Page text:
The American Cyclopædia (1879)/Charleston (West Virginia)
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Charleston (West Virginia)
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|Edition of 1879. See also Charleston, West Virginia on Wikipedia, and the disclaimer.|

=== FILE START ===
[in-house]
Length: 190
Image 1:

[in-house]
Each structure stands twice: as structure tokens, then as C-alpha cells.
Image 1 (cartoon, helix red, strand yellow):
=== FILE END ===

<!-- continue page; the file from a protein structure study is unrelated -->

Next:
CHARLESTON, a city, the capital of West Virginia and of Kanawha county, on the Kanawha river, 60 m. from its mouth and at its confluence with Elk river, 233 m. W. by N. of Richmond, and 130 m. S. by W. of Wheeling; pop. in 1870, 3,162, of whom 761 were colored. The Kanawha is 300 yards wide here, and is navigable throughout the year. The valley of this river is rich in salt, coal, iron, and timber, and Charleston is a central point for the working and shipping of these articles. In the vicinity of the city are 10 salt furnaces; more salt is made here annually than at any other point in the country except Syracuse, N. Y. They are situated in the Kanawha Salines, beginning about 2 m. above Charleston, and extending up the river on both sides for 10 m. A great variety of coal is found in abundance, such as cannel, splint, and all kinds of bituminous coals. Locks and dams are in process of construction on Elk river in order to facilitate the transportation of the immense quantities of coal and timber that abound along its banks for over 100 m. The Chesapeake and Ohio railroad, which is designed to be one of the great through routes between the east and west, passes through Charleston. The Northern and Southern West Virginia railroad, in progress, terminates here. The state house is a capacious stone building, 138 ft. long, 56 wide, and 140 high, erected in 1870 at a cost, including land, of about $60,000. The other state institutions are in other parts of the state. The manufacturing establishments comprise 2 iron founderies with machine works attached to each, 4 saw and planing mills, a cabinet factory, 2 factories for making staves and headings for salt and flour barrels, a pump factory, a mineral water factory, 2 large flour mills, and a woollen factory. There are a high school called the Charleston institute, a public school, a Roman Catholic seminary, and several private schools. There are 8 churches, 4 weekly newspapers, and a monthly periodical. The seat of government was removed from Wheeling to Charleston by an act of the legislature of 1869, which went into effect April 30, 1870.